Developing Issues

Members of the Foundation’s Developing Issues committee reported on a number of issues involving threats to free expression or civil liberties. Martin Garnar led a discussion on diversity and free speech issues on campus and Doug Archer explored the potential for challenges to religious materials in libraries arising from anti-Islam and anti-Muslim sentiment and from the mistaken belief that the separation of church and state bars any discussion of religion in publicly funded agencies. Ray James reviewed access and service to diverse populations, while Baxter Andrews provided information and web resources addressing privacy and national security. Em Claire Knowles concluded the report by leading a discussion about the European Union’s “right to be forgotten” concept and its potential impact on access to information.

The Judith F. Krug Memorial Fund

The Judith F. Krug Memorial Fund, which was created by donations made by Judith’s family, friends, colleagues, and admirers, supports projects and programs that assure that her passion to educate both librarians and the public about the First Amendment and the importance of defending the right to read and speak freely.

In 2015, the fund continued to support two major initiatives: a grants program that underwrites Banned Books Week activities in libraries, schools, and community institutions across the country and an education initiative intended to augment and improve intellectual freedom education in LIS programs.

For this year’s Banned Books Week, the Krug Fund made grants to the Chapel Hill Public Library in North Carolina, the Kurt Vonnegut Memorial Library in Indianapolis, Indiana, the Virginia Beach Public Library in Virginia, SA Youth (an organization that works with at-risk youth) in San Antonio, Texas, and Remembering for the Future Community Holocaust Initiative in Neptune Beach, Florida. Their initiatives included a new series of Banned Book Week trading cards, development of a curriculum addressing banned books in schools, interactive displays, and a “lock- in” with banned books. Grant recipients’ photos, videos, and written reports of their events will be available online at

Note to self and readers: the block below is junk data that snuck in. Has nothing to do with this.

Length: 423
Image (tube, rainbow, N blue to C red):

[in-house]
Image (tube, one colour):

This past fall, Professor Emily Knox once again taught “Intellectual Freedom and Censorship,” under the auspices the University of Illinois Graduate School of Library and Information Science (GSLIS) and the Krug Memorial Fund. The online, graduate-level class was well-received by students and we look forward to continuing our educational partnership with GSLIS. We thank Professor Knox and FTRF education consultant Joyce Hagen-McIntosh for their thoughtful and dedicated work towards fulfilling FTRF’s goal of assuring the availability of intellectual freedom curricula and training for LIS students and professionals.

Executive Director James LaRue

At this meeting we welcomed our new Executive Director, James LaRue. The CEO of LaRue and Associates, Jamie has had an active career in writing, speaking and consulting prior to joining FTRF. He served as the director of the Douglas County Libraries in Colorado for many years and previously worked as the Library Services Director at the Greeley, Colorado, Public Library. He has also held positions at the Lincoln Library in Illinois and Illinois State University. He has a master’s degree in library and information science from the University of Illinois, Champaign-Urbana and a bachelor’s degree in philosophy and English from Illinois State University.

While Jamie may be new to FTRF’s and ALA’s staff roster, he has a long history of professional engagement and involvement with ALA and other professional organizations. He has served as president of the Colorado Council for Library Development and the Colorado Library Association and has most recently been active on ALA’s Digital Content Working Group. He is a member of the Library Leadership and Management Association (LLAMA) and Public Library Association (PLA), and the ALA Intellectual Freedom Round Table. He was named Colorado Librarian of the Year in 1998 and received the Julia J. Boucher Award for Intellectual Freedom from the Colorado Library Association in 2007. In 2004, he was awarded the National Council of Teachers of English/Support for the Learning and Teaching of English Intellectual Freedom Award. Among his publications is The New Inquisition: Understanding and Managing Intellectual Freedom Challenges (2007).